When Prince Harry released a statement Tuesday announcing that he and his wife, Meghan, were suing the Mail on Sunday over the publication of a private letter the Duchess of Sussex had sent to her estranged father, the British press was divided. While some journalistic quarters have accused the prince of being “sanctimonious” and “playing the victim card,” others have defended the right of the Sussexes to protect their privacy.
But whatever you think of the lawsuit, it’s clear that public opinion has never really been on Meghan’s side.
But whatever you think of the lawsuit, it’s clear that public opinion has never really been on Meghan’s side. Indeed, ever since Harry and Meghan announced their engagement in November 2017, the American actress-turned-duchess has faced a constant barrage of criticism in the British press and from much of the British public. There have been stories about feuds with Catherine, Duchess of Cambridge, reports of diva-like behavior in the runup to her wedding, accusations of hypocrisy and profligacy. But it is the estrangement from her father, Thomas Markle, which has attracted much press attention, and which has been the cause of substantial criticism toward her.
Culturally in the United Kingdom, the “family is family” refrain still has incredible potency. No matter how toxic the relationship, or how damaged the parent, plenty of people still believe that you should stick by your relatives whatever the cost to your personal well-being. In a 2015 survey out of the University of Cambridge, 68 percent of U.K. respondents said there was social stigma around family estrangement, and that they had felt judged for contradicting societal expectations after cutting off contact with a family member.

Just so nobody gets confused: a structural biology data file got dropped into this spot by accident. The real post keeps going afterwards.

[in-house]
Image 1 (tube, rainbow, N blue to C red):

Meghan’s acrimonious relationship with her dad — as well as with other members of her wider family — is a public rift many British people find distasteful, as the commentary in many newspaper articles attests, not to mention social media. It is an affront to so-called traditional family values, and neglects the Biblical commandment to “honor thy father and thy mother;” indeed, in today’s Daily Mail, Piers Morgan accuses Meghan and Harry of being “heartless” in the way they’ve “banished” Thomas Markle from their lives. Whatever the private context for the rift between Meghan and her father — and none of us know what that context is — it is invariably Meghan who bears the brunt of the blame.
This specific criticism hits a very personal nerve with me. When I became estranged from my father 25 years ago, I was the recipient of similar judgmental attitudes. You only have one father, people used to tell me, as though perhaps I might have forgotten. It was, in fact, a truth of which I was painfully aware: I only had one father, and mine — an aggressive alcoholic — hadn’t lived up to the task.
As anyone who has ever become estranged from a family member knows — and there are, statistically, plenty of us out there — the decision is never taken lightly. To become estranged from a family member is like a slow, gradual death. It rarely happens overnight. It’s very rarely the result of a single incident. More often, it’s a buildup over time — often years — of toxic behavior, until self-preservation demands you distance yourself from it.